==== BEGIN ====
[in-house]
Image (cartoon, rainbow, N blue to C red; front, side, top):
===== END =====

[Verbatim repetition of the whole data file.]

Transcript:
[in-house]
Image (cartoon, rainbow, N blue to C red; front, side, top):